Turning, then, to the implied constitutional qualification, Edelman J saw s 44(i) against the backdrop of other limitations on participation in government in the Constitution, and as focusing on preventing foreign laws from ‘stultify[ing] a persons’ qualified ability to participate’ (at [58]). The ‘irremediable’ aspect includes situations where the foreign law would make participation permanently impossible (at [59]), though it also extends to laws that have the practical effect of imposing unreasonable obstacles to renunciation (at [60]). Edelman J rejected Galalgher’s submission that the British law here involved unreasonable obstacles, specifically, the action of a foreign official: while some circumstances might involve foreign officials making unreasonable requests, or unreasonably refusing to exercise discretion, that is not clear in this situation (see at [64]ff, and [68]):

Ultimately, perhaps the most fundamental difficulty for Senator Gallagher’s submission that actions of foreign officials should be automatically excluded by the implication is that the submission shears the constitutional implication from its rationale of ensuring that an Australian citizen not be irremediably prevented by foreign law from participation in representative government. The submission treats as an ‘unreasonable obstacle’ falling within the implication any foreign law that does not irremediably prevent participation, but which might have an arbitrary or discriminatory effect. This would require a different implication, one which is lacking in any textual or structural constitutional foundation.

Gallagher’s vacancy will be filled by a special count of the ballots. The directions needed to give effect to that count will be made by a single Justice (Answer to Question (b)).

High Court Judgment [2018] HCA 17 9 May 2018
Result Vacancy in the Senate for the representation of the ACT for which Gallagher was returned, to be filled by special count
High Court Documents Re Gallagher
Full Court Hearing [2018] HCATrans 46 14 March 2018
Hearings, Kiefel CJ [2018] HCATrans 14 12 February 2018
[2018] HCATrans 1 19 January 2018

ORDER

The questions referred to the Court of Disputed Returns by the Senate be answered as follows:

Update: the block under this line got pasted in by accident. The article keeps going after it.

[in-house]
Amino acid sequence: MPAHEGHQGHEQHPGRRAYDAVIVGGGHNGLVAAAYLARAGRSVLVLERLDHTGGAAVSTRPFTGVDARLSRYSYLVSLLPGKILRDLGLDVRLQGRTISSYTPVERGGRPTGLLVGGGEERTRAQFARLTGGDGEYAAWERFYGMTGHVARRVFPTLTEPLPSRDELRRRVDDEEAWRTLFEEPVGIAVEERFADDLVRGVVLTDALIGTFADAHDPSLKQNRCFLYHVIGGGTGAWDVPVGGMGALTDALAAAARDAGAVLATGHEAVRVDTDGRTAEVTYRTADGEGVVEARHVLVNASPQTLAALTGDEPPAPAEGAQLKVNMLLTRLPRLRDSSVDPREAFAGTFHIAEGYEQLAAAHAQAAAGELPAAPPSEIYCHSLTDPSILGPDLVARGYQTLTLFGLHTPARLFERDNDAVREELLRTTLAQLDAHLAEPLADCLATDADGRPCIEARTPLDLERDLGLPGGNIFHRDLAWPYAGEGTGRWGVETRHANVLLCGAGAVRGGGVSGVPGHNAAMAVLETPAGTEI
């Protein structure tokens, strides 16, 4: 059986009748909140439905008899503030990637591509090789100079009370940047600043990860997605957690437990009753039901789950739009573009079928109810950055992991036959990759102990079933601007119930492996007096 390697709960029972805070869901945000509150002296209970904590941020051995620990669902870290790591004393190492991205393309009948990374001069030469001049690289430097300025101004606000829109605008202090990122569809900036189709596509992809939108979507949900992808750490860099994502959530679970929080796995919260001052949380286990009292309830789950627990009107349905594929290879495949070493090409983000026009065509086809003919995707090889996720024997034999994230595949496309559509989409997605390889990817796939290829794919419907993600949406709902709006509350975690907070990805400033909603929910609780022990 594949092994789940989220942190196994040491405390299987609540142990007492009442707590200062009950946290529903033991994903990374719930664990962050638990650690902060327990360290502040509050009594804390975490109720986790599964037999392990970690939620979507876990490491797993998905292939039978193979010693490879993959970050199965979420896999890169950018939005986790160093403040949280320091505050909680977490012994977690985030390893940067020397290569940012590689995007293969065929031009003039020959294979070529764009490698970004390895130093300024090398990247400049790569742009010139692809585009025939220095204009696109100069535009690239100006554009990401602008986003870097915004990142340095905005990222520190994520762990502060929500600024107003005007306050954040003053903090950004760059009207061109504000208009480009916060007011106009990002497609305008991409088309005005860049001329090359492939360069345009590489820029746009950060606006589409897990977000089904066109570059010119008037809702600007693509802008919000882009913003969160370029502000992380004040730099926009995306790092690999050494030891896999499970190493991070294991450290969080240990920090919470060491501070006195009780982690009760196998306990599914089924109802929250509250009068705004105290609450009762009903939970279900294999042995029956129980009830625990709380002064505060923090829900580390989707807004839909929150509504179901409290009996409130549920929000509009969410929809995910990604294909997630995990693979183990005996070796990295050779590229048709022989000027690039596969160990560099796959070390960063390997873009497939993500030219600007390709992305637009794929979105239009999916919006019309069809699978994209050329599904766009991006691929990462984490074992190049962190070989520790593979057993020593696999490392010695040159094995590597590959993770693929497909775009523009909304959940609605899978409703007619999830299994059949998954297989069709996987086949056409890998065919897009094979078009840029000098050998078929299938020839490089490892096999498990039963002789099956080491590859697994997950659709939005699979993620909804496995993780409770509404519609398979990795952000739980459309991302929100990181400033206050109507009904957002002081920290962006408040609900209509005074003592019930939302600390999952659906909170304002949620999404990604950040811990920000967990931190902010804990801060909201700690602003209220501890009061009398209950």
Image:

Question (a)

Whether, by reason of s 44(i) of the Constitution, there is a vacancy in the representation for the Australian Capital Territory in the Senate for the place for which Katy Gallagher was returned?

Answer

Yes.

Question (b)

If the answer to Question (a) is “yes”, by what means and in what manner that vacancy should be filled?

Answer

The vacancy should be filled by a special count of the ballot papers. Any direction necessary to give effect to the conduct of the special count should be made by a single Justice.

Question (c)

What directions and other orders, if any, should the Court make in order to hear and finally dispose of this reference?

Answer

Unnecessary to answer.

Question (d)

What, if any, orders should be made as to the costs of these proceedings?

Answer

Unnecessary to answer.

This entry was posted in Case Pages, Decided Cases, Opinions by Martin Clark. Bookmark the permalink.

About Martin Clark

Martin Clark is a PhD Candidate and Judge Dame Rosalyn Higgins Scholar at the London School of Economics and Political Science and Research Fellow at Melbourne Law School. He holds honours degrees in law, history and philosophy from the University of Melbourne, and an MPhil in Law from MLS. While at MLS, he worked as a researcher for several senior faculty members, was a 2012 Editor of the Melbourne Journal of International Law, tutor at MLS and various colleges, a Jessie Legatt Scholar, and attended the Center for Transnational Legal Studies Program.

17 thoughts on “Re Gallagher

  1. The High Court got bloody-minded about all the s44 cases and decided to go black letter, thus making all the bush lawyers screaming “the Constitution doesn’t include any exceptions, how can you imply exceptions into the Constitution?” a lot more right than everyone who thought the High Court would continue to imply practical exceptions.

    That this puts eligibility into the hands of foreign officials (who managed to process John Alexander’s renunciation at lightspeed so he could nominate in time for a byelection called before he’d even start the renunciation process) apparently doesn’t bother the High Court.